Adrenal Gland Conditions

a) Adrenal medulla

• Pheochromocytoma – This is an adrenaline producing tumour of the chromaffin cells
– Follows rule of 10s – 10% are bilateral, 10% familial, 10% malignant and 10% located outside adrenal medulla in the bladder wall or organ of Zuckerandl by aortic bifurcation.
– Most are unilateral on the right
– Associated with MEN 2A/B, Neurofibromatosis type 1
– Also linked to von Hippel-Lindau disease – an autosomal dominant hereditary condition associated with tumors arising in multiple organs

Symptoms: Triad of episodic headache, sweating and tachycardia (palpitations), with hypertension

Diagnosis – Increased plasma Metanephrine level
– Increased 24-hr urine Metanephrines + Vanillylmandelic acid
– Abdominal CT/MRI scan to locate tumour

Management – First stabilise the patient with medical therapy:
-1st line is alpha-blocker phenoxybenzamine, 2nd line is labetalol (if heart disease or tachycardia)
– Surgical excision to remove tumour is the definitive treatment


b) Adrenal cortex

• Hypercortisolism (Cushing’s syndrome)
This is a clinical state produced by chronic cortisol excess and loss of the normal feedback mechanism of the HPA axis and circadian rhythm of cortisol secretion (normally highest in morning).

ACTH-independent causes: (gives low ACTH –> adrenal atrophy)
– Exogenous steroids – most common cause, gives bilateral adrenal atrophy, steroids suppress ACTH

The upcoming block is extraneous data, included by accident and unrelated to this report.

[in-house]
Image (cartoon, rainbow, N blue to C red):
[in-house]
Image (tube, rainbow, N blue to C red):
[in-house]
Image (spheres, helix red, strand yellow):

– Primary adrenal adenoma/hyperplasia or carcinoma – leads to atrophy of uninvolved adrenal gland

ACTH-dependent causes: (gives high ACTH –> adrenal hyperplasia)
– Cushing’s disease – bilateral adrenal hyperplasia from an ACTH secreting pituitary adenoma
– Ectopic ACTH production – from small cell carcinoma of lung giving bilateral adrenal hyperplasia.

Pseudo-Cushing’s: (mimics symptoms and obscures test results)
– Chronic alcohol abuse or severe depression
– Insulin stress test is used to diagnose these and distinguish from Cushing’s disease

– Muscle weakness and breakdown
– Osteoporosis
– Immune suppression
– Hypertension
– Hyperglycemia (diabetes) + weight gain

– Abdominal striae- thinning of skin
– Poor wound healing
– Central obesity, buffalo hump
– Moon faced shape

Diagnosis – First you want to confirm the diagnosis, then you can do tests to localise the lesion.
– 1st line: Overnight dexamethasone test –> give dexamethasone at 11pm + measure cortisol at 8am
– Normally cortisol is suppressed, but no suppression seen in Cushing’s syndrome.
– 2nd line: 24hr urinary free cortisol.

Once you have diagnosed Cushing’s syndrome want to locate the cause.
– Measure plasma ACTH –> if high it indicates pituitary or ectopic source.
– If ACTH-dependent –> do 48hr high-dose dexamethasone suppression test
– Will distinguish between pituitary tumour and ectopic ACTH tumour
– Dexamethasone would supress pituitary ACTH, but not ACTH from ectopic source.
– If pituitary Cushing’s disease –> pituitary MRI If ectopic source –> CT chest/abdo/pelvis

Treatment – Stop steroids if iatrogenic, surgical removal if tumour

Complications: Nelson Syndrome – in Cushing’s treated with bilateral adrenalectomy, loss of -ve feedback gives raised ACTH causing enlargement of pituitary adenoma + pigmentation of skin